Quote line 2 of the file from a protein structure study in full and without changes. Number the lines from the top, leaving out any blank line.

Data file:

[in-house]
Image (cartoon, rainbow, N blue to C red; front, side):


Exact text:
Image (cartoon, rainbow, N blue to C red; front, side):